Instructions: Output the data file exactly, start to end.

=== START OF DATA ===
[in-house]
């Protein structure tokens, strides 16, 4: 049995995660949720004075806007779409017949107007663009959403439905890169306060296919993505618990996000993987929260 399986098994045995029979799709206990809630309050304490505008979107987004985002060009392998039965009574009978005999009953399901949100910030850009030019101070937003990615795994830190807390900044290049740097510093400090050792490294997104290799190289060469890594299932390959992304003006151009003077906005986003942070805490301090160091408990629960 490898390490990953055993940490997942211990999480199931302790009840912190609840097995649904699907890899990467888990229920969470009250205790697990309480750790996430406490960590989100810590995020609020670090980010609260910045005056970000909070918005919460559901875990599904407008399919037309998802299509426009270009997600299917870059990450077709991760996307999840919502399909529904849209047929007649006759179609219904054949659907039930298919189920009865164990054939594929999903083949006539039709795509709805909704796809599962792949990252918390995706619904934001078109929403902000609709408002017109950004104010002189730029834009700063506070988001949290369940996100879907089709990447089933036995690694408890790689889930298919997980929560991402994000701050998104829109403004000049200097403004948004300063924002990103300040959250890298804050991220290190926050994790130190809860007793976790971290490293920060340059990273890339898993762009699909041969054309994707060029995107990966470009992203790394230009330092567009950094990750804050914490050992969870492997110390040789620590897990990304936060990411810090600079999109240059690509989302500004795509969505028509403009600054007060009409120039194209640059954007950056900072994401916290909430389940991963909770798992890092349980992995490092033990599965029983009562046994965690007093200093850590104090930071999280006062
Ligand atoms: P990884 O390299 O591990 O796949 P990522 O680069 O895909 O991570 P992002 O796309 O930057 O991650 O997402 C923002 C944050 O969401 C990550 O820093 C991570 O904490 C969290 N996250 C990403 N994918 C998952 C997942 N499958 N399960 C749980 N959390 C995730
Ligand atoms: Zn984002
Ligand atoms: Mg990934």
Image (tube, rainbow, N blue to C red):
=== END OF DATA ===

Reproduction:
[in-house]
């Protein structure tokens, strides 16, 4: 049995995660949720004075806007779409017949107007663009959403439905890169306060296919993505618990996000993987929260 399986098994045995029979799709206990809630309050304490505008979107987004985002060009392998039965009574009978005999009953399901949100910030850009030019101070937003990615795994830190807390900044290049740097510093400090050792490294997104290799190289060469890594299932390959992304003006151009003077906005986003942070805490301090160091408990629960 490898390490990953055993940490997942211990999480199931302790009840912190609840097995649904699907890899990467888990229920969470009250205790697990309480750790996430406490960590989100810590995020609020670090980010609260910045005056970000909070918005919460559901875990599904407008399919037309998802299509426009270009997600299917870059990450077709991760996307999840919502399909529904849209047929007649006759179609219904054949659907039930298919189920009865164990054939594929999903083949006539039709795509709805909704796809599962792949990252918390995706619904934001078109929403902000609709408002017109950004104010002189730029834009700063506070988001949290369940996100879907089709990447089933036995690694408890790689889930298919997980929560991402994000701050998104829109403004000049200097403004948004300063924002990103300040959250890298804050991220290190926050994790130190809860007793976790971290490293920060340059990273890339898993762009699909041969054309994707060029995107990966470009992203790394230009330092567009950094990750804050914490050992969870492997110390040789620590897990990304936060990411810090600079999109240059690509989302500004795509969505028509403009600054007060009409120039194209640059954007950056900072994401916290909430389940991963909770798992890092349980992995490092033990599965029983009562046994965690007093200093850590104090930071999280006062
Ligand atoms: P990884 O390299 O591990 O796949 P990522 O680069 O895909 O991570 P992002 O796309 O930057 O991650 O997402 C923002 C944050 O969401 C990550 O820093 C991570 O904490 C969290 N996250 C990403 N994918 C998952 C997942 N499958 N399960 C749980 N959390 C995730
Ligand atoms: Zn984002
Ligand atoms: Mg990934």
Image (tube, rainbow, N blue to C red):